And there is no reason whatever for supposing that the instruction at the Stratford grammar school was less efficient than in the grammar schools of other provincial towns of about the same size. There is abundant evidence to show that, with the fresh impulse given to education under energetic Protestant auspices in the second half of the 16th .century, the teaching even in the country grammar schools was as a rule painstaking, intelligent, and fruitful. Brinsley himself was for many years an eminent and successful teacher in the grammar school of Ashby-de-Ia-Zouche, a small town on the borders of Warwickshire, only a few miles indeed from Coventry; and in his Ludus Literarius, referring to a book of exercises on the Latin accidence and grammar he had prepared, he says that he had chiefly followed the order of the questions "of that ancient schoolmaster Master Brunsword of Maxfield (Macclesfield) in Cheshire, so much commended for his order and schollers ; who, of all other, commeth therein the nearest unto the marke."
Another provincial schoolmaster, Mr. Robert Doughty, a contemporary of Shakespeare, who was for nearly fifty years at the head of the Wakefield grammar school, is celebrated by Hoole, not only as an eminent teacher who had constantly sent out good scholars, but as one who had produced a class of teachers emulating his own educational zeal and intelligence.
The masters of the Stratford grammar school in Shakespeare's time seem to have been men of a similar stamp. One of them, John Brunsword, who held the post for three years during the poet's childhood, was almost certainly a relative, probably a son, of the eminent Macclesfield master whose character and work Brinsley praises so highly. At least, Brunsword being an uncommon name, when we find it borne by two grammar-school masters in neighbouring counties who flourished either together or in close succession to each other, it is natural to conclude that there must have been some relationship between them, and if so we may be sure that the Stratford master, who was evidently the younger man, had been well trained and must have proved an efficient teacher.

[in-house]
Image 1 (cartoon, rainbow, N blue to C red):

The masters who followed Brunsword were university men of at least average attainments and ability, as they rapidly gained promotion in the church. Thomas Hunt, who was head-master during the most important years of Shakespeare's school course, became incumbent of the neighbouring village of Luddington; and, if there is any truth in the tradition that the poet's marriage was celebrated there, it is not improbable that, from having been a favourite pupil, he may have become the personal friend of his former master.
In any case, during the years of his school attendance the poet must have gained sufficient knowledge of Latin to read for his own instruction and delight the authors included in the school curriculum who had, struck his fancy and simulate his awakening powers. While his writings supply clear evidence in support of this general position, they also bring out vividly the fact that Ovid was a special favourite with Shakespeare at the outset of his career. The influence of this romantic and elegiac Roman poet is indeed strongly marked and clearly traceable in the poems as well as in e early plays.
751-1 "What Shakespeare learnt at School," Fraser's Magazine, Nov. 1879, Jan. and May 1880.